At the RTC, Ambedkar’s principal focus was to ensure that the Untouchables were recognized as a distinctive element of India’s body-politic that called for constitutional guarantees. Later he argued that one of the central principles that Indian constitutionalism had avowed over the years, was that when a social element had been recognized as an autonomous entity publicly, it was granted a constitutional status. He used this argument in defence of Schedule V and Schedule VI of the Indian constitution.
(iii) Active Citizenship
It is important to point out that Ambedkar sought a common citizenship for the whole of India at the RTC, and argued that ‘there can be no real federation unless there is common citizenship’ (BAWS, Vol. 2, p. 611). But apart from arguing for a common citizenship, the idea of ‘energetic action’, and citizen agency imbued with this spirit, is quite central to Ambedkar’s thinking and he invoked it throughout his writings. It is the social structures in India and colonial regime that act as a damp squib in nurturing such agency. At the RTC he argued that the depressed classes have no friend, and have to fall back upon themselves. Nevertheless, they were prepared to confront their despicable situation if they were ‘installed, in adequate proportion, as the political sovereign of the country’ (BAWS Vol. 2, p. 506). Self-help was the best means to remove the grievances of the depressed classes, and for this purpose they needed political power.
This notion of active citizenship became the primary attribute of republicanism in his later interventions. This can be seen in the distinction between democracy and republicanism that he made in the Constituent Assembly Debates (CAD).[xiii] Part of his critique of Gandhi’s moral call to upper castes to make amends for the practice of untouchability rested on this: Gandhi had argued that Hinduism does not uphold Untouchability. Upper Castes’ practices in this regard are morally reprehensible and they have to make the necessary amends for the same. The ‘sin of untouchability’ is attributed to a section of Hindus for no fault of theirs. Ambedkar thought that such an argument, even though it might be acceptable to the upper castes, is likely to lull further the capacity of the Untouchables to fight for their self-emancipation. Their humanity cannot be at the mercy of the upper castes. The conundrum in which the lives of the Untouchables were caught could be resolved only by eliciting an extraordinary collective self-agency to combat it.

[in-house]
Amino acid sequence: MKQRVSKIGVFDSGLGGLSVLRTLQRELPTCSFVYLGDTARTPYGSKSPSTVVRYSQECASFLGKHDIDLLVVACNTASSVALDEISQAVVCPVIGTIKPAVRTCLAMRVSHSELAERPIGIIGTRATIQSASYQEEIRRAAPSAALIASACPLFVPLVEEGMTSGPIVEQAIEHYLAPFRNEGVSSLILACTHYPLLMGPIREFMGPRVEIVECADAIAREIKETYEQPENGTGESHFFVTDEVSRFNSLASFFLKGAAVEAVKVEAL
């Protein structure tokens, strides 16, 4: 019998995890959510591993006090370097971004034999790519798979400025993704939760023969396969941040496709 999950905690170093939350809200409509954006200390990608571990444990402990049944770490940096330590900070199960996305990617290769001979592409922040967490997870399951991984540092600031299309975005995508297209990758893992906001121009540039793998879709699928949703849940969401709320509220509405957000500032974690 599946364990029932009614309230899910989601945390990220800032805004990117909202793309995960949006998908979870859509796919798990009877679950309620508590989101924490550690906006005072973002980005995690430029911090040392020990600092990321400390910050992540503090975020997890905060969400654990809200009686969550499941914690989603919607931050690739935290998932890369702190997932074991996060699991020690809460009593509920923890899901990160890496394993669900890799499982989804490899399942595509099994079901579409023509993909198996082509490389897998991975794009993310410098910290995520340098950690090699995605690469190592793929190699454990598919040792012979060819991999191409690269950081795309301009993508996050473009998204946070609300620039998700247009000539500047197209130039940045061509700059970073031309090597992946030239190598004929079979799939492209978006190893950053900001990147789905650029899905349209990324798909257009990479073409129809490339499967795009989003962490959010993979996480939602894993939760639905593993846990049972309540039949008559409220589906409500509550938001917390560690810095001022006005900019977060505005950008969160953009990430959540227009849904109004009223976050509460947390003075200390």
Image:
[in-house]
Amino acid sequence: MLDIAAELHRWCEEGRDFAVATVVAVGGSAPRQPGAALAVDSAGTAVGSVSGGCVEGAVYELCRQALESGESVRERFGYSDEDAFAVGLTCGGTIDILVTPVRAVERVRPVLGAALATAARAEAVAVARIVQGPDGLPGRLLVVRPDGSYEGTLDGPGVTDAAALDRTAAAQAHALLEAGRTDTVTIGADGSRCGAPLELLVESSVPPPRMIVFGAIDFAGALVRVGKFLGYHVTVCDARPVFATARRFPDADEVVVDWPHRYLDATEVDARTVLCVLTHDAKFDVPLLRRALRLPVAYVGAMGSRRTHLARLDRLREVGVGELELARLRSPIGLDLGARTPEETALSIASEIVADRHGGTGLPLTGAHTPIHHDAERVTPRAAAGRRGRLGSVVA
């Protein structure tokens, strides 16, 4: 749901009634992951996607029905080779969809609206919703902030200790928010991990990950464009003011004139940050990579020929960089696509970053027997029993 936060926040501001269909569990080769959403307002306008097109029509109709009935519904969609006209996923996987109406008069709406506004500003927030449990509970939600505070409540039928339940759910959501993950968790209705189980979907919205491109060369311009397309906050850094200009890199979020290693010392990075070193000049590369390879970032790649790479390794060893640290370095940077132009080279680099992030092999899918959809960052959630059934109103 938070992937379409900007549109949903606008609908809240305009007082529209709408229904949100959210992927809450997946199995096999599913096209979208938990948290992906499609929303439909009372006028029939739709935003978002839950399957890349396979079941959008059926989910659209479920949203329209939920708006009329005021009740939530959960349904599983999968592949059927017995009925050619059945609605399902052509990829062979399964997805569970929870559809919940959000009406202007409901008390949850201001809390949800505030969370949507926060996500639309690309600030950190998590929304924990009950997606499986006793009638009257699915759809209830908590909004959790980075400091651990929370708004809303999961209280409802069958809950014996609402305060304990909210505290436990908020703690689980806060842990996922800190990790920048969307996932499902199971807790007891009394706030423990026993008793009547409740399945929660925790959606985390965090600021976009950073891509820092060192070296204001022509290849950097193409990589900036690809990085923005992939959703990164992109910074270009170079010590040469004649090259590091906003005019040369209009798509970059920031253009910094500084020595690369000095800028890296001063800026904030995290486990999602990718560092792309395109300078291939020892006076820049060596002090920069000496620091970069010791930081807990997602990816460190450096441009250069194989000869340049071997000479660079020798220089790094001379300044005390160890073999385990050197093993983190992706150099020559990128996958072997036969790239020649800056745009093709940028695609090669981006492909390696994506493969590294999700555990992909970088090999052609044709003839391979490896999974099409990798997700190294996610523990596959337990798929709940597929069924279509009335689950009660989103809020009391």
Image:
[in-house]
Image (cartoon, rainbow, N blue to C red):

iv) Fundamental Rights
In the Subcommittee of the Minorities Ambedkar expressed his full support for the provisions of fundamental rights, including safeguarding the cultural and religious rights of the various communities without discrimination of race, caste, creed or sex. He argued that fundamental rights were not merely civic rights but also encompass a range of substantial claims. But he also insisted on sanctions for the non-enforcement of fundamental rights, including the right of redress when they were violated. Such a demand, if it was accepted, would have made not merely social agents but also state functionaries accountable for their actions that contravened fundamental rights. At the RTC this demand was turned down on the plea that sanctions for non-enforcement of rights and redressal mechanisms should be part of legislative enactments and not a constitutional provision. Ambedkar clearly had untouchability in view when he made the demand. Interestingly, he brought up this issue again in his response to Nehru’s Objective Resolution in the Constituent Assembly.[xiv]
v) Constitutionalism and Representation
At the RTC, Ambedkar reiterated the stand that he had taken in his statement to the Simon Commission, that there cannot be any fairer system of representation and responsible government than ‘adult franchise’ (BAWS, Vol.2,p. 561). Franchise is ‘the right to regulate the terms of what one might call associated life in society’ (BAWS, Vol. 2, p. 559). It ‘should be regarded as the inherent right of every individual in the state, who is capable of understanding it.’ (BAWS, Vol. 2, p.559). He also criticized representatives at the RTC who had earlier supported the stand of the Nehru Report that called for universal franchise, but had come to accept a narrow franchise. He thought the offer of the British Government in this regard was so limited that it ‘must necessarily make future government of India a government of the masses by the classes.’ (BAWS, Vol. 2, p. 597)[xv].